With its combination of sand, seagrass, tires, reef, piers, and “pseudo muck diving,” there is an incredible diversity of marine life to be found here, making the site a haven for underwater photography. Common sightings at various times of the year are critters like frogfish, seahorses, pipefish, batfish, pike blennies, sea robins, decorator crabs, bumble bee shrimp, and nudibranchs. Angelfish, scorpionfish, damselfish, gobies, trumpetfish, boxfish and morays are found amongst the pilings, while flounders, lizardfish, and snake eels feed in the sand flats. In the seagrass, there are turtles, flying gurnards, seahorses and octopuses, as well as the occasional dolphin and manatee.
Puerto Rico’s seagrass beds provide a wealth of macro opportunities, including seahorses, flying gurnards, lizardfish, and other juvenile species
With time and good planning, it’s possible to visit this unique uninhabited island, located to the west of the main island. Among the cracks, caves and passages, there’s abundant marine life to photograph here. This is also the location of one of the healthiest and most impressive of Puerto Rico’s coral reefs, and the visibility is typically excellent. During the whale season, from February to April, it is common to hear their song during your dive, and sighting a mother and calf at the surface from your boat isn’t unusual.
Puerto Rico isn’t known for pelagic underwater photography, but you can frequently photograph sharks and—if you’re especially lucky—whales
La Pared, Guánica
A few minutes off the coast of Guánica, on the southwest coast, is Puerto Rico’s famous wall dive destination. This is a deep dive, with the top of the reef at 60 feet, and dropping well past 1,000 feet. The wall is home to a plethora of marine life, including turtles, stingrays, sharks, moray eels, lobsters, and amazing forests of black coral. In addition, if you want to have regular encounters with Caribbean reef sharks, Guánica is your best bet besides Mona Island.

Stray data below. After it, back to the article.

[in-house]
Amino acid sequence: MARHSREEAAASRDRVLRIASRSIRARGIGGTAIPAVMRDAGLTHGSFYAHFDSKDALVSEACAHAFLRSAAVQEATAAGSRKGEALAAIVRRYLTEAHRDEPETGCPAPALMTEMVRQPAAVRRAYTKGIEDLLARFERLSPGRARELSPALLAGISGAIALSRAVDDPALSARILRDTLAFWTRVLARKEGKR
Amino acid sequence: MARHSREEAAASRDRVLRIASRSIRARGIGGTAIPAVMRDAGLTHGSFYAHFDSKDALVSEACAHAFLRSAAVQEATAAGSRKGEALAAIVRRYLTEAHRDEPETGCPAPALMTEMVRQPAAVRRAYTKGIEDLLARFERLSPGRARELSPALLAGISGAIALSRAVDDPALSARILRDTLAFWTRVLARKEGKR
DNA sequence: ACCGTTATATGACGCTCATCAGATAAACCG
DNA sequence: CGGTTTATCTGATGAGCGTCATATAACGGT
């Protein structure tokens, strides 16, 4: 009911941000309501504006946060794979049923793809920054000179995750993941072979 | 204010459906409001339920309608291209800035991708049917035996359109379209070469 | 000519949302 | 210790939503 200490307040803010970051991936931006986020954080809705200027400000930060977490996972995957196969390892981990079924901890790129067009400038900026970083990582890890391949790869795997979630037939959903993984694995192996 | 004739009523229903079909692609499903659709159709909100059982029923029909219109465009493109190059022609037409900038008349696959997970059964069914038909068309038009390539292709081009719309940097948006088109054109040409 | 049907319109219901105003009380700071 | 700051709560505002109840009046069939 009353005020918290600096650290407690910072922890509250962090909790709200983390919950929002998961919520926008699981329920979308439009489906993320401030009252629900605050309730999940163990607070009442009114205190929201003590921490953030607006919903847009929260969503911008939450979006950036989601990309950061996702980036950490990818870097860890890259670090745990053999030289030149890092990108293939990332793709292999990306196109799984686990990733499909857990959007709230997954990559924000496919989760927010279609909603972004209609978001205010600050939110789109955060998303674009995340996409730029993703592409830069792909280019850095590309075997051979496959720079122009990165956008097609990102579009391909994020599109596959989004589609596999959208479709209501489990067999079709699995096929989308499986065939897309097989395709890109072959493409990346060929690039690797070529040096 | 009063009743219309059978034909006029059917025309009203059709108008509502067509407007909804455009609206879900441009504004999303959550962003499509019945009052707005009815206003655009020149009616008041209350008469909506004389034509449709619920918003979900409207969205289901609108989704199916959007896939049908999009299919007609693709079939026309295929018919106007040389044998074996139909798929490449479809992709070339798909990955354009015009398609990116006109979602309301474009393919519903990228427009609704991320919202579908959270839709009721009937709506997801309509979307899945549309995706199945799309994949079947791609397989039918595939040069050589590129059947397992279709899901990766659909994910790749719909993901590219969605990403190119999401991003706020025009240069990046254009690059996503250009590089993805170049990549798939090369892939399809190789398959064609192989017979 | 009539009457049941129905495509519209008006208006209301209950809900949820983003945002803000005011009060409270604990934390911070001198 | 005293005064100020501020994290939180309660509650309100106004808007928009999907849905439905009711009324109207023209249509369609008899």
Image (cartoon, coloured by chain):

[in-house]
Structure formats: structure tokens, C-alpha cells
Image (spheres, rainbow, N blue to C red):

Like sharks? Puerto Rico might be the most underrated shark photography destination in the Caribbean, offering sightings of reef and nurse sharks
Las Gatas, Mayagüez
This singular dive site, found at a depth of 35 to 40 feet, is located at the west end of the island, just minutes from the coast. Typical encounters here include nurse sharks, resting at the entrance of a crack or small cave in the reef, as well as schools of snappers, striped parrotfish, and angelfish, among others. You’ll also commonly find cleaning stations in the area. Subjects include nurse sharks, barracuda, groupers, snappers, trunkfishes, angelfish, parrotfish, moray eels, crabs, and lobsters.
A close-focus wide-angle setup is invaluable when diving in Puerto Rico, as it allows you to photograph large scenes as well as medium-sized muck critters like this eel
Underwater Photography Equipment for Puerto Rico
To get the most out of Puerto Rico’s dive sites, you’ll need to come prepared to shoot all creatures great and small.
DSLR and Mirrorless: In addition to the 60mm and 100mm lenses that are common for macro photography, it’s a great ideal to bring an assortment of accessory wet lenses. Diopters +3, +7, +10, +15 and +25 will allow you to take advantage of all the photographic opportunities, from macro to super macro. A good wide-angle zoom lens like the Tokina 10–17mm will cover most of the subjects found here.
Compacts Cameras: As usual for compact users wanting to cover a full range of subjects, wet lenses are a must: A wide-angle wet lens for fish schools, reef scenics, and big pelagic creatures. For the critters of Crash Boat, you’ll need to pack your close-up wet lenses, including powerful diopters to take on the challenge of super macro.
Shooting close-focus wide angle also allows you to take pictures of larger subjects like this hawksbill turtle on the seabed